first, a short thesis on the creative commons. If you're not interested in reading another one of my rants, then you may want to go directly to my disclaimer text. If not, then well...
So why did I license the contents of my blog to the creative commons license? Well, basically its because I believe that copyright today as a legal concept has been perverted too far away from its original purpose, and that those perversion causes undesirable effects upon culture and society.
If you would try to explore discussions on copyright available in legal texts, online texts, history books and other sources all available freely, you would discover that the original purpose of copyright law was to stimulate innovation in the arts and sciences by granting a limited monopoly to the authors of such innovations on the distribution of such innovations. The Statute of Anne originally made in the 16th century was formed on this basis. The US Constitution confirms this for US citizens, basing its law on the experiences of 16th century England. The Berne Convention also gives its limits although for a default of life plus 50 years; although supposedly according to article 7 paragraph (8) the agreement is that each member country of the Union is free to determine its own length for term of protection.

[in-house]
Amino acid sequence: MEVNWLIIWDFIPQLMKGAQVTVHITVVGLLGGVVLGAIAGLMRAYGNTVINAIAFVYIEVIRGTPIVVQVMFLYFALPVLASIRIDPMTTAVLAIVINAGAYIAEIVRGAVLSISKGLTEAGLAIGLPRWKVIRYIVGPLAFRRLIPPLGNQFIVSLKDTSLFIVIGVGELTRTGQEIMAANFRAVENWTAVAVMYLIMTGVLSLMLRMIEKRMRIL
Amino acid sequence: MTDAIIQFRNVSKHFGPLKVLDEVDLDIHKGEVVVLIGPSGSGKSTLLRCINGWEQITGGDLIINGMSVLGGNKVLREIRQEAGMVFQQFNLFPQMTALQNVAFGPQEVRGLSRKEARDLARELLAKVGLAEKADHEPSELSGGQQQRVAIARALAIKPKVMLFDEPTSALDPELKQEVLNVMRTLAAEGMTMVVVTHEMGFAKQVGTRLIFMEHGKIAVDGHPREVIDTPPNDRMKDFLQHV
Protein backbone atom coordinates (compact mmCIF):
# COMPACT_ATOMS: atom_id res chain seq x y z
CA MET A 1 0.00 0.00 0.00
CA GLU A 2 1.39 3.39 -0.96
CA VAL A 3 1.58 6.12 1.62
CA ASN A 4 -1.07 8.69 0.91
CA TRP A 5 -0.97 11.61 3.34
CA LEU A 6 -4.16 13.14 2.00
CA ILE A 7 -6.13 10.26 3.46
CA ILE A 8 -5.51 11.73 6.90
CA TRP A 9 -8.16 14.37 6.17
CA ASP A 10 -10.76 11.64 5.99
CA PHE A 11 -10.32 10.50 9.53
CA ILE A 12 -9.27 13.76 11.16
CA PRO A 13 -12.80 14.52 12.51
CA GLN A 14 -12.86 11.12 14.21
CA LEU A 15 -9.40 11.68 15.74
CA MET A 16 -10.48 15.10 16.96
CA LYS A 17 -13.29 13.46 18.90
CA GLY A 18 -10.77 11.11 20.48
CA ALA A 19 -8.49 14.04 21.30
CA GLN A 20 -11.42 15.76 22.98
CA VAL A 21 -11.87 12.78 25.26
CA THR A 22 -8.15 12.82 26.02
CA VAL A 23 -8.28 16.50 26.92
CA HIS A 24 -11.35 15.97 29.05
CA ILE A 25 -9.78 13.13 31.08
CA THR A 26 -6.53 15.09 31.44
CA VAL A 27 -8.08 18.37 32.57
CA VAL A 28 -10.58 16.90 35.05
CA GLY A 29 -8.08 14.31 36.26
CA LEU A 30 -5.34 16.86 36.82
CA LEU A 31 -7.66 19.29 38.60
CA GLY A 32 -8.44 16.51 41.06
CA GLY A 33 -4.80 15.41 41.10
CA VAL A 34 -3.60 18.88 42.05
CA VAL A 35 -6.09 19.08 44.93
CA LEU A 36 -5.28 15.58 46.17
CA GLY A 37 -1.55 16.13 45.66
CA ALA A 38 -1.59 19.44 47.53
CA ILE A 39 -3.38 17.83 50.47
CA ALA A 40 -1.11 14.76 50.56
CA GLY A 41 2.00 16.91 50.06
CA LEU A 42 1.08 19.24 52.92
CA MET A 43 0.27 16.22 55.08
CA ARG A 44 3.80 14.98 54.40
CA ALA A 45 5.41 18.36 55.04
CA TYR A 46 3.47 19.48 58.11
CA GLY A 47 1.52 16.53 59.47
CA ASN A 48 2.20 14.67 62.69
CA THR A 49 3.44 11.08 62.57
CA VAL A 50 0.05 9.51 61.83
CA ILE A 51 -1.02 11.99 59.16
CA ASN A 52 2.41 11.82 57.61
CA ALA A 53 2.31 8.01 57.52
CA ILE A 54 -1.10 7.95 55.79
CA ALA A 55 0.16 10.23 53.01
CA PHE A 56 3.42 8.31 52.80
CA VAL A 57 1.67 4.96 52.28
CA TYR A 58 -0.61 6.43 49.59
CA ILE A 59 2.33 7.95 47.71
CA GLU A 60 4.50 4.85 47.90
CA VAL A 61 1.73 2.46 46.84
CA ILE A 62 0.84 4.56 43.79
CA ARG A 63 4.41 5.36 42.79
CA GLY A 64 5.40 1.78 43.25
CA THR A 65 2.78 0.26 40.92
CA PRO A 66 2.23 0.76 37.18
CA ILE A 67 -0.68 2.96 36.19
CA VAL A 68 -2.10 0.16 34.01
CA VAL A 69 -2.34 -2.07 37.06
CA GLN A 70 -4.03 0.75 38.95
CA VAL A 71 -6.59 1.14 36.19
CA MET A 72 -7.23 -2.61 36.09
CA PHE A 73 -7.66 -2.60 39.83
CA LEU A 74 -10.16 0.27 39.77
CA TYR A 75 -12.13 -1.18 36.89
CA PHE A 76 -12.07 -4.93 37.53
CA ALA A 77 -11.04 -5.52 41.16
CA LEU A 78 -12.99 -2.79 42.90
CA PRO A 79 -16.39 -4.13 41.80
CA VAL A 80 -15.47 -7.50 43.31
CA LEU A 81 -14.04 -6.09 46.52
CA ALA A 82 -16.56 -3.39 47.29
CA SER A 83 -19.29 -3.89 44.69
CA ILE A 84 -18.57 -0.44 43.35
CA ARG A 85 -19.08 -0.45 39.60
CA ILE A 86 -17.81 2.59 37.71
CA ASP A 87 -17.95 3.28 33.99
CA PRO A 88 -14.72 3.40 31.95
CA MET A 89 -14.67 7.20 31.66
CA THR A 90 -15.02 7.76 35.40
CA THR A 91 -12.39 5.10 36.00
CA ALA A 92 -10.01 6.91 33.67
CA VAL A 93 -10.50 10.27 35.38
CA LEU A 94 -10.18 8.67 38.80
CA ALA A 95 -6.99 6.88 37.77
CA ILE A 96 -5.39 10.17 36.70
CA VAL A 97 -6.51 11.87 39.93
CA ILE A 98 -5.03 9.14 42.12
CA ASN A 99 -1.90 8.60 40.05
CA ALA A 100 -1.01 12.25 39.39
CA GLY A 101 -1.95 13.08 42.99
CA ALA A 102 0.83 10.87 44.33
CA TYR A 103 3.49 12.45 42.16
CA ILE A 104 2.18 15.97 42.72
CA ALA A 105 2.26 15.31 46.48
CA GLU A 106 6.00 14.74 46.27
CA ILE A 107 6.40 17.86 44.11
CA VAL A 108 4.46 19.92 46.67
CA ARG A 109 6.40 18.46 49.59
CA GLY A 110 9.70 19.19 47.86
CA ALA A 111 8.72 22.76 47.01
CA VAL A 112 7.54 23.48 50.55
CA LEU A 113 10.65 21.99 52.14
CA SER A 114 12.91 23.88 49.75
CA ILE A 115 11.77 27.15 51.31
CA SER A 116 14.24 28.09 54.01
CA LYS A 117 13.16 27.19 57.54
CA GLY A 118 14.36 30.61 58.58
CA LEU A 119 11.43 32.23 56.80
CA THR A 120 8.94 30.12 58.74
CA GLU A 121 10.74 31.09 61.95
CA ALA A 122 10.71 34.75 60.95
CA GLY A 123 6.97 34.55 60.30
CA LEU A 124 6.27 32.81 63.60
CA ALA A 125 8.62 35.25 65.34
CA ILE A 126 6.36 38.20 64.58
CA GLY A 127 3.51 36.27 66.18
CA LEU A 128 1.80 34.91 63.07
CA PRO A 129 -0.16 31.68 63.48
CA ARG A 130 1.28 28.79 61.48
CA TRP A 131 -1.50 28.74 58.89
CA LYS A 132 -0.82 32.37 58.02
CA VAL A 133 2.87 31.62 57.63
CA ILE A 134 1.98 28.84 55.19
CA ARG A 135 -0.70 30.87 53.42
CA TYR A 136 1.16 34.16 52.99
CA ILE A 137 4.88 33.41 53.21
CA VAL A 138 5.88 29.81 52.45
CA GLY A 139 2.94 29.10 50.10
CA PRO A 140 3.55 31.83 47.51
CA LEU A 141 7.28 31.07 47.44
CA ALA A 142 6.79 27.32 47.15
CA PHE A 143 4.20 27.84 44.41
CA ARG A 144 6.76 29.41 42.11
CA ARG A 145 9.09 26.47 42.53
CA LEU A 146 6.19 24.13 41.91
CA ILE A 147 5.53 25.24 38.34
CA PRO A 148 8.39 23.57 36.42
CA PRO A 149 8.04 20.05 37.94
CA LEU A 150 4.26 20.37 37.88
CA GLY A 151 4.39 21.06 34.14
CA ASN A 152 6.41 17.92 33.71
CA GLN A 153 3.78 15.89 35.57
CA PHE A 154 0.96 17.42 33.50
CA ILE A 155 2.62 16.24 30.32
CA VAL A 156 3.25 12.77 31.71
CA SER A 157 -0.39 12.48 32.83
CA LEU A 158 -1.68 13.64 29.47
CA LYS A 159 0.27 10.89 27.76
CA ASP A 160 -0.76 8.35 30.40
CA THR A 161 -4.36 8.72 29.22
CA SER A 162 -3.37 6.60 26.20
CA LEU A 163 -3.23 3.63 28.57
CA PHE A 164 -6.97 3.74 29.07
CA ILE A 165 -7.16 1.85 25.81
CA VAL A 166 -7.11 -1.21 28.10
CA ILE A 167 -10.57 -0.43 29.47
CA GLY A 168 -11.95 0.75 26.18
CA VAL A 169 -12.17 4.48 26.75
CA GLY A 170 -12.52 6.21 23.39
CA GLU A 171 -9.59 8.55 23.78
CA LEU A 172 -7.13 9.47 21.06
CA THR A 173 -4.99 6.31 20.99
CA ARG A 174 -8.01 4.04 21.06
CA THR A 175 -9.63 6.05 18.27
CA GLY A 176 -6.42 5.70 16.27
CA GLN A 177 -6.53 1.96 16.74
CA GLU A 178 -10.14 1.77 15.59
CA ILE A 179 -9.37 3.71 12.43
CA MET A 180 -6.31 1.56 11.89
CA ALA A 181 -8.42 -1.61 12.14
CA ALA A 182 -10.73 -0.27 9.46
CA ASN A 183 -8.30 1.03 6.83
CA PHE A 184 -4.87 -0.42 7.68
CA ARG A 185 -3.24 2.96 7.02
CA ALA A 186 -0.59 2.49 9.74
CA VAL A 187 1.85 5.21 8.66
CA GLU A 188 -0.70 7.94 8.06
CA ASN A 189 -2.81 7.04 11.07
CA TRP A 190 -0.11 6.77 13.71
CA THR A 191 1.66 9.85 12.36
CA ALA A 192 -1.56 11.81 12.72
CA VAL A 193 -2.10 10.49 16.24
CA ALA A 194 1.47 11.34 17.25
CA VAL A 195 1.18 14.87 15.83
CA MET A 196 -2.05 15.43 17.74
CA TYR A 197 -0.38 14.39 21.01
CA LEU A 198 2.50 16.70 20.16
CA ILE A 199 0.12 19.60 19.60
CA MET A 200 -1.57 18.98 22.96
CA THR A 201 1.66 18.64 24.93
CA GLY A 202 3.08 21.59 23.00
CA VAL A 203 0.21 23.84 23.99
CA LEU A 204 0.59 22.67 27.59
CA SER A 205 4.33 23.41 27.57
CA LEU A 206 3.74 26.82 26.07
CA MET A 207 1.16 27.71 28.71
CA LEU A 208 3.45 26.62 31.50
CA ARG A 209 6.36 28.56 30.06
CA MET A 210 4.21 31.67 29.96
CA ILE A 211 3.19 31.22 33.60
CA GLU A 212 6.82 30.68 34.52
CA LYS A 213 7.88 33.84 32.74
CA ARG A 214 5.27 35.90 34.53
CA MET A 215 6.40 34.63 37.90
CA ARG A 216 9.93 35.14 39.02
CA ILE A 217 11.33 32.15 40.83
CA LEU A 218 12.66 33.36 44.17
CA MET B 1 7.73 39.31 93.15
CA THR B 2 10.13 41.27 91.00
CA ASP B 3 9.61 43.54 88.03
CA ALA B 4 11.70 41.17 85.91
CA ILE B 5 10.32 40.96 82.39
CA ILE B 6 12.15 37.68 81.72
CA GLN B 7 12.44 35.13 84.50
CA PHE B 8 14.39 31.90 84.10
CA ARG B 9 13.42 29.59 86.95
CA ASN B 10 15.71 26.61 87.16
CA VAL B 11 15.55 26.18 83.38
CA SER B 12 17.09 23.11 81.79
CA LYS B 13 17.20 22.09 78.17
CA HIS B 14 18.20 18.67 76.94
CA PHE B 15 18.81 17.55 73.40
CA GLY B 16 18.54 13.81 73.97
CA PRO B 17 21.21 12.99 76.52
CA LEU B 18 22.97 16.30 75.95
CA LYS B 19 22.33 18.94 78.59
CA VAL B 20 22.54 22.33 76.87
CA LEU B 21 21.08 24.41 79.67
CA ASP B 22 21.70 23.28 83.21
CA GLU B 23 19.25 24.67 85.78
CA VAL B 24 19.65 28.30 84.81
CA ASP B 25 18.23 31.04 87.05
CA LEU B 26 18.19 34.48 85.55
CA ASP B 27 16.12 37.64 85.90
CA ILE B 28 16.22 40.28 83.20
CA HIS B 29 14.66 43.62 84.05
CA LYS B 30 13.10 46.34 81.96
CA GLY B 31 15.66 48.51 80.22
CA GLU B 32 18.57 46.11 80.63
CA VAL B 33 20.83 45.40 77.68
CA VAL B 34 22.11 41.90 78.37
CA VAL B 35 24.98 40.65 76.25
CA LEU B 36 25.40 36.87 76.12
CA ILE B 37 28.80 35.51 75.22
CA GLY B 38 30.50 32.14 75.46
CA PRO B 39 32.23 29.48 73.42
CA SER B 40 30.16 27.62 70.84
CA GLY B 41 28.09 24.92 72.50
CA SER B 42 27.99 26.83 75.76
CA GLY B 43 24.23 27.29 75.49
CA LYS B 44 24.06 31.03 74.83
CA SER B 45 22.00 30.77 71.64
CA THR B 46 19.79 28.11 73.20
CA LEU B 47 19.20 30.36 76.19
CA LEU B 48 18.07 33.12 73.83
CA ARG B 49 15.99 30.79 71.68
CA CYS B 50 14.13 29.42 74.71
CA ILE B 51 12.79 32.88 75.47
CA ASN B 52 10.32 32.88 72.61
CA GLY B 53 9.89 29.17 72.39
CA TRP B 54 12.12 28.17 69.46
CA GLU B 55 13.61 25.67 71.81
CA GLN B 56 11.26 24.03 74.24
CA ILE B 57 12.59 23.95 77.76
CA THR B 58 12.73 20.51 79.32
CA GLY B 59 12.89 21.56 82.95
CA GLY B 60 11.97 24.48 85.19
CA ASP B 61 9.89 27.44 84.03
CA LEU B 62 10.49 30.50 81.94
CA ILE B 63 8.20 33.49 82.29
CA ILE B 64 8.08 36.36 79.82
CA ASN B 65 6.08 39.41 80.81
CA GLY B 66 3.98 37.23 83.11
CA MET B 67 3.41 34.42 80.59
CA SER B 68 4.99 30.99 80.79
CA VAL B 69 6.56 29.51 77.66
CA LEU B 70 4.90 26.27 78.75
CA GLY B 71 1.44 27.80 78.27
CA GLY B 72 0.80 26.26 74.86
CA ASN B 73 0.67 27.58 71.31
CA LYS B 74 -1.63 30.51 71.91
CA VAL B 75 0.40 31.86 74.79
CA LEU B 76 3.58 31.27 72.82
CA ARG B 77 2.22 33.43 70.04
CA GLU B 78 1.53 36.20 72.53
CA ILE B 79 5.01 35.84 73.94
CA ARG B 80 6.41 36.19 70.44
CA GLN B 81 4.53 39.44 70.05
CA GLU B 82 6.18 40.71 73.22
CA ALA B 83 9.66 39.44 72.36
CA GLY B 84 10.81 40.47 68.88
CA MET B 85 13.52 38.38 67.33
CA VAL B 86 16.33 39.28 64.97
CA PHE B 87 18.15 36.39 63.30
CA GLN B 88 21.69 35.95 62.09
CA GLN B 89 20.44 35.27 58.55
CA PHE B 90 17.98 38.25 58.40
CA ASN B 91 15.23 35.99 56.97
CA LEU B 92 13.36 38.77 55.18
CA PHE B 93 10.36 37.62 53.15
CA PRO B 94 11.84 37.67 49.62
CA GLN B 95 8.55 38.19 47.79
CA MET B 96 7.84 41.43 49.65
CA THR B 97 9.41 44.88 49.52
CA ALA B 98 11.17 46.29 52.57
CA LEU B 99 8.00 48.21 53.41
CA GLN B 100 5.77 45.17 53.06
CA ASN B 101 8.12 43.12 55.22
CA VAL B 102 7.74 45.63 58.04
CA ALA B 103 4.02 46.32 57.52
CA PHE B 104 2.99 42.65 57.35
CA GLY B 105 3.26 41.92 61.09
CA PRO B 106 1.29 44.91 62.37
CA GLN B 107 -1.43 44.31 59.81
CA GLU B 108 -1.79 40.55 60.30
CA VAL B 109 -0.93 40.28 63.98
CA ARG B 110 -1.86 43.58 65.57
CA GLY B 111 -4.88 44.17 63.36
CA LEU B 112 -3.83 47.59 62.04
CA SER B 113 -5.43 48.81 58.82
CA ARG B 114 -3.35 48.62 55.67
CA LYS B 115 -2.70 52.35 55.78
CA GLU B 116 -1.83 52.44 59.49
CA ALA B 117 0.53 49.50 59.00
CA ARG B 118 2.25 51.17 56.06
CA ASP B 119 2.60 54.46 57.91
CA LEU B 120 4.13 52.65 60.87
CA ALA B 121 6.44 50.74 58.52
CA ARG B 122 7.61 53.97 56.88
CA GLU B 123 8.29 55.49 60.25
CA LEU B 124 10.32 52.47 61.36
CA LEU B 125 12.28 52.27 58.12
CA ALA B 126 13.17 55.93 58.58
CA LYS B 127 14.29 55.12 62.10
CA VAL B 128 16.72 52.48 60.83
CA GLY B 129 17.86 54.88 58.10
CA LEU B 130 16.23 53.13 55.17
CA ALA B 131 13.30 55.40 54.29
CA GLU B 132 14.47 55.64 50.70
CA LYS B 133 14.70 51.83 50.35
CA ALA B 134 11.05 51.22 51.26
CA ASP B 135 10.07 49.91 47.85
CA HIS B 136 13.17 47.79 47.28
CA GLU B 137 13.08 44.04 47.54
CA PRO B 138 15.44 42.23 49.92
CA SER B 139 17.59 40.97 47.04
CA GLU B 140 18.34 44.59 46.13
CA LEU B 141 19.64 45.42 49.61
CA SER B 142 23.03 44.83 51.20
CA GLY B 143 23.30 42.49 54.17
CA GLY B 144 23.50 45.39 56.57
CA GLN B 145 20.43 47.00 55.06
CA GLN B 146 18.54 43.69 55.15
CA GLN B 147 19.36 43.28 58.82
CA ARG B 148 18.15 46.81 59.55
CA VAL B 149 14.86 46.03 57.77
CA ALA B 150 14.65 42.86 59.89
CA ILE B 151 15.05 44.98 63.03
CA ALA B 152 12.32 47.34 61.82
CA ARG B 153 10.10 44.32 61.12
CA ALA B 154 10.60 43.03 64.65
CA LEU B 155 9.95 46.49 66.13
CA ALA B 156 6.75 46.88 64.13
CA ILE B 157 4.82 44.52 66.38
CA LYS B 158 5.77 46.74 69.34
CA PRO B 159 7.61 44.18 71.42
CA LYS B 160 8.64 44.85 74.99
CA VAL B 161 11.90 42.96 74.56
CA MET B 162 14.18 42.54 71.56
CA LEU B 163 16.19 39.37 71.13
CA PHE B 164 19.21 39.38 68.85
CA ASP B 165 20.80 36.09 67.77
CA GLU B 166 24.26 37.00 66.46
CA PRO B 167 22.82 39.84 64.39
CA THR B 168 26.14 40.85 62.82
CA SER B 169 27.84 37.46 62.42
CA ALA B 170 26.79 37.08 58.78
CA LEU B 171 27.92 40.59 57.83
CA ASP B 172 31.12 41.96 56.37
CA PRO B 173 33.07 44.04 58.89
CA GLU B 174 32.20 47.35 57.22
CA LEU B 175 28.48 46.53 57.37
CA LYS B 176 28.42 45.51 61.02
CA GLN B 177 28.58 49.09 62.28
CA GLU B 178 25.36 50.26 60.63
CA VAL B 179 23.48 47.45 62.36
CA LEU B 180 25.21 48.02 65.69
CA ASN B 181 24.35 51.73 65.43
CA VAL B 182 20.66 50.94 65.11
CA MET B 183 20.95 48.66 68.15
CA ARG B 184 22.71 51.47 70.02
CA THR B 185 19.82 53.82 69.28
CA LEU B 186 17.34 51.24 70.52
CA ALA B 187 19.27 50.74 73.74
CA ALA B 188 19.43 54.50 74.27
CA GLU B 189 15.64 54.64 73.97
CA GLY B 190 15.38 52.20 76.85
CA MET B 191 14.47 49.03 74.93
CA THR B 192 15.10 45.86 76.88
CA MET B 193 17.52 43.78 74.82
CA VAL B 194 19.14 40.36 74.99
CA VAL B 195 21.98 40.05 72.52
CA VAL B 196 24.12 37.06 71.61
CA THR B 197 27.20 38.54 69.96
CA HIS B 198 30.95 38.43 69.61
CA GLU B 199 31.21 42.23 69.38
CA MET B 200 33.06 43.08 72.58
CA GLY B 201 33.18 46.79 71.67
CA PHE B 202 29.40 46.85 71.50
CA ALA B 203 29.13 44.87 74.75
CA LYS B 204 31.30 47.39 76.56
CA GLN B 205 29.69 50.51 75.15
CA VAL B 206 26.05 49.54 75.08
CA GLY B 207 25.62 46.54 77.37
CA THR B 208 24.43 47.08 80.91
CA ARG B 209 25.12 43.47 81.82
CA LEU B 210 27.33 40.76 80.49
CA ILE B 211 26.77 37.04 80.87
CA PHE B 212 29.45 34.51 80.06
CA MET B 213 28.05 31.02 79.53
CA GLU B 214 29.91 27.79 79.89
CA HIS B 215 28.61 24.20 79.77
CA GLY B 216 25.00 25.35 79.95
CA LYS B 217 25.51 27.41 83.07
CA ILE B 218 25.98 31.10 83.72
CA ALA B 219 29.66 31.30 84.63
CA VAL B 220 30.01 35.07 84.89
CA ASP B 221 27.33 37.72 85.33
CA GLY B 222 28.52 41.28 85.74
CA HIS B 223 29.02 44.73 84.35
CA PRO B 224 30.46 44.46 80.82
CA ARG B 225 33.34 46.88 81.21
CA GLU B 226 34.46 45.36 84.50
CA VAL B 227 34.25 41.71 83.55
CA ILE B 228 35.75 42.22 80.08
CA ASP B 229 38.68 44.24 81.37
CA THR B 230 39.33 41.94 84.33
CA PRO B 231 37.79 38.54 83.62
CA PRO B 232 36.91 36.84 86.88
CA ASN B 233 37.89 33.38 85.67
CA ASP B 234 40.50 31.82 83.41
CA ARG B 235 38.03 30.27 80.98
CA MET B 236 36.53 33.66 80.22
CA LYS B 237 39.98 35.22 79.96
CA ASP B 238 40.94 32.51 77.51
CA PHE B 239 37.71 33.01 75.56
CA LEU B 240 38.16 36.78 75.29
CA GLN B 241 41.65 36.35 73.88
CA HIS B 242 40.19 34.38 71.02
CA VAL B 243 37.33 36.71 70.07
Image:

But copyright should be limited not just because it was limited in the past; copyright should be limited because past experiences shows this to be a very good idea. You see, most creative ideas are built upon the foundation of past works, one of the more famous example being Walt Disney's use of the Steamboat Bill cartoon to create Steamboat Willie and thus Mickey Mouse. Modern, more relevant examples are sampling music and academic rebuttal theses on established theories. Imagine what would happen if people like Gallileo and Copernicus was denied their right to their arguments. Actually they were; they were severely punished, even killed, and afterwards their theories proved correct anyways.